Face Detection in Peripheral Vision: Do Faces Pop Out?

@article{Brown1997FaceDI,
  title={Face Detection in Peripheral Vision: Do Faces Pop Out?},
  author={Valerie Brown and Dale Huey and John M. Findlay},
  journal={Perception},
  year={1997},
  volume={26},
  pages={1555 - 1570}
}
We examined whether faces can produce a ‘pop-out’ effect in visual search tasks. In the first experiment, subjects' eye movements and search latencies were measured while they viewed a display containing a target face amidst distractors. Targets were upright or inverted faces presented with seven others of the opposite polarity as an ‘around-the-clock’ display. Face images were either photographic or ‘feature only’, with the outline removed. Naive subjects were poor at locating an upright face… Expand
Attention to upside-down faces: An exception to the inversion effect
TLDR
It is suggested that visual attributes that can influence the allocation of an observer's attention to faces are available in both upright and inverted orientations. Expand
At first sight: A high-level pop out effect for faces
TLDR
The results indicate that the association of pop out with elementary features and lower cortical areas may be incorrect, and face search, and indeed all feature search, may reflect high-level activity with generalization over spatial and other property details. Expand
Local feature suppression effect in face and non-face stimuli
TLDR
Findings indicate that faces are encoded as a basic visual feature by means of globally tuned face detectors, similar to the coding of other features. Expand
Spatial summation of face information.
TLDR
The data for face detection implied detection mechanisms that integrated linearly up to some small size, integrated more slowly up to an intermediate size, and failed to gain any improvement for information beyond some larger size. Expand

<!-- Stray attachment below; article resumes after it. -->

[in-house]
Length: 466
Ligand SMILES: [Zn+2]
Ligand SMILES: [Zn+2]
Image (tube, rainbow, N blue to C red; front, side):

How Many Faces Can Be Processed during a Single Eye Fixation?
TLDR
The results suggest that 2–4 faces can be processed during one fixation of about 200 ms, and that threshold search time increased with increasing set size nearly linearly. Expand
Visual Search of Mooney Faces
TLDR
Results reveal that specific local image properties cannot account for how faces capture attention, and prior experience facilitates the effect of gist on visual search of faces; making faces a special object category for guiding attention. Expand
Face detection in infants and adults: Effects of orientation and color.
TLDR
It was found that 3- to 5-month-olds already displayed strong own-species biases in face detection-in attention capture, attention holding, and overall detection-suggesting a surprisingly early specialization for human face detection. Expand
The visual processing of human faces and bodies as visual stimuli in natural scenes
How faces are recognized and detected has been the focus of an extensive corpus of research. As such, it is now well established that human faces can be detected rapidly in a visual scene and thatExpand
Changing Faces: A Detection Advantage in the Flicker Paradigm
TLDR
It is found that changes were detected far more rapidly and accurately in faces than in other objects, suggesting a special role for faces in competition for visual attention and providing support for previous claims that human faces are processed differently than stimuli that may be of less biological significance. Expand
Visual search efficiency is greater for human faces compared to animal faces.
TLDR
fixations on human faces were faster and more accurate than fixations on primate faces, even when controlling for search category specificity, suggesting some bottom-up processing may be responsible for the human face search efficiency advantage. Expand